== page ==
Server room configuration is key to optimizing the network’s function in day-to-day operation. If you give consideration to ergonomics, upgrades, and maintenance, you can significantly enhance your network’s usefulness. Answer a few questions at the start—you’ll thank yourself later.

What do you need?
For starters, you need to examine your needs. For example, how many clients are going to be served? How important is security to your client’s firm? And what about the safety of the data? Hard drives (how could we forget?) are not infallible. What about the cost of maintaining the server(s)?

The answers to these questions will determine what your customer is going to use, and how. But there’s still one critical question left that will dictate how you proceed. How much money is in the budget for this important move?

If the answer is “as much money as it takes,” then you should check out Exodus. This company has it all, from custom raised ventilation flooring to protection against breach of security. The company can help you protect hardware from fire, earthquakes—you name it. Even if your client doesn’t want to spend the funds for Exodus-level equipment, it’s a fun site to browse. And it may give you some ideas.

Figure out the basics
We know the room will house a PDC to start, maybe a print server, message server, proxy server, and router. Placement of the various units depends on what sort of cases you’ll be using. There are several options, from rack-mount cases enclosed in a cabinet structure to tried-and-true old tower cases.

One advantage of rack mounts is that they are safe from clumsy accidents that might cause them to tip over. Naturally, tipping results in damage to drives, lost data, and more headaches for you or whoever is supporting the equipment. Rack mounts are easy to work with when removing individual units for repair and upgrade. Some even include patch panels and/or a place for things like routers, a door for rear access, and more importantly, fans for ventilation. Many cabinets also feature locking doors to prevent tampering, as well as wheels, so rooms can be easily rearranged to suit a company’s changing needs.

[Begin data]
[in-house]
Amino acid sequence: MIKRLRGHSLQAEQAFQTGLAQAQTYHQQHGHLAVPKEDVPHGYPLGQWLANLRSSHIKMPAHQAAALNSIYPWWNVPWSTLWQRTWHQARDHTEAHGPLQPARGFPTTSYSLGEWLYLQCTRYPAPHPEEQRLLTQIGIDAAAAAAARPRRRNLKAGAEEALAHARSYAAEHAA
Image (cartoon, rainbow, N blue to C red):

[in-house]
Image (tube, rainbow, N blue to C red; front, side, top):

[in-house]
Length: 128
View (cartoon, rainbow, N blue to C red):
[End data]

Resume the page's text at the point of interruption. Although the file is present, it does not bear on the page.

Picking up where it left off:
Protect equipment and reduce down-time by setting up your server room the right way Change control could change your life
And how about that good old tower case? Although this option can leave equipment a little more spread out and less manageable, it costs less. If your client elects to go with a tower setup, choose a suitable place for the servers. Consider traffic flow—and I don’t mean data, but people. Don’t locate your computers where they can be knocked over. I’ve seen it happen at the end of the entire operation. Not pretty. So I mention it here…twice.

And remember to consider ventilation. As you know, it’s important to the performance of your servers and routers. Some companies spend thousands of dollars on raised flooring that pumps cool air into strategic places. You may not be looking at a setup as elaborate as that. However, you should still recommend to your customer that they not make the mistake of placing servers in a closet or unused room everyone refused to use as an office because it gets too hot.

Sometimes, one of the most helpful planning steps involves browsing a vendor’s equipment catalog or checking out such sources as MicroWarehouse or PC Zone . From such sources can you learn of the newest case, cabinet, router, and other hardware options available to you.

It’s really just common sense
Placement, ventilation, foot traffic, the equipment you choose, and the master of ceremonies—the budget—all must be considered when planning out a server room. But ultimately, it’s all just an exercise in common sense.
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